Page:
Plaintiff, who was twenty-four years of age on the alleged
date of onset, had the severe impairments of “mild
degenerative disc disease and a bipolar affective
disorder.” (Tr. 14).
reviewing Plaintiff's testimony and medical records and
finding that Plaintiff was “not overly credible,
” the ALJ determined that Plaintiff had the residual
functional capacity (RFC) to “perform medium work as
defined in 20 CFR 404.1567(c) and 416.967(c) except he should
never climb ropes, ladders or scaffolds, but is able to
occasionally climb ramps and stairs, stoop, kneel, crouch,
and crawl.” (Tr. 17). The ALJ further limited Plaintiff
to “low stress jobs, with ‘low stress'
defined as only occasional decision-making and occasional
changes in the work setting” and “jobs with only
occasional interaction with co-workers, supervisors and the
public.” (Id. at 17, 24). Finally, the ALJ
held that, although Plaintiff was not able to return to any
of his past work, “there are jobs that exist in
significant numbers in the national economy that the claimant
can perform[.]” (Tr. 24-25). Specifically, the ALJ
found that Plaintiff could perform the jobs of
housekeeper/cleaner, routing clerk, merchandise marker,
parking lot attendant, and document preparer. (Tr. 25).
filed a request for review of the ALJ's decision with the
SSA Appeals Council, which denied review on March 25, 2015.
(Tr. 6-8, 1-5). Plaintiff has exhausted all administrative
remedies, and the ALJ's decision stands as the SSA's
final decision. Sims v. Apfel, 530 U.S. 103, 106-07
Standard of Review
must affirm an ALJ's decision if it is supported by
substantial evidence. 42 U.S.C. § 405(g).
“Substantial evidence ‘is less than a
preponderance, but enough so that a reasonable mind might
find it adequate to support the conclusion.'”
Cruze v. Chater, 85 F.3d 1320, 1323 (8th Cir. 1996)
(quoting Boerst v. Shalala, 2 F.3d 249, 250 (8th
Cir. 1993)). In determining whether the evidence is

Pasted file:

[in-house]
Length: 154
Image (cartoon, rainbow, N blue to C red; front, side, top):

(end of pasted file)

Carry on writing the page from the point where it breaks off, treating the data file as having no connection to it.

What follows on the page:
substantial, a court considers evidence that both supports
and detracts from the Commissioner's decision.
Pate-Fires v. Astrue, 564 F.3d 935, 942 (8th Cir.
2009). However, a court “do[es] not reweigh the
evidence presented to the ALJ and [it] defer[s] to the
ALJ's determinations regarding the credibility of
testimony, as long as those determinations are supported by
good reason and substantial evidence.” Renstrue v.
Astrue, 680 F.3d 1057, 1064 (8th Cir. 2012) (quoting
Gonzales v. Barnhart, 465 F.3d 890, 894 (8th Cir.
after reviewing the record, the court finds it is possible to
draw two inconsistent positions from the evidence and one of
those positions represents the ALJ's findings, the court
must affirm the ALJ's decision.” Partee v.
Astrue, 638 F.3d 860, 863 (8th Cir. 2011) (quoting
Goff v. Barnhart, 421 F.3d 785, 789 (8th Cir.
2005)). The Eighth Circuit has repeatedly held that a court
should “defer heavily to the findings and
conclusions” of the Social Security Administration.
Hurd v. Astrue, 621 F.3d 734, 738 (8th Cir. 2010);
Howard v. Massanari, 255 F.3d 577, 581 (8th Cir.
claims that substantial evidence does not support the
ALJ's determination that he was not disabled. More
specifically, Plaintiff asserts that the ALJ erred in: (1)
finding Plaintiff's subjective allegations of disabling
pain not credible; and (2) discounting the opinion of
examining psychologist, Dr. Joseph Long, when formulating
Plaintiff's mental RFC. The Commissioner counters that
the ALJ properly found Plaintiff's subjective allegations
of pain not credible and created a mental RFC based upon
substantial evidence of record.
argues that there was “no substantial evidentiary
basis” for the ALJ's determination that
Plaintiff's subjective allegations of pain were not
credible. (ECF No. 16 at 9). In response, the Commissioner
asserts that the ALJ “articulated multiple valid
reasons for ...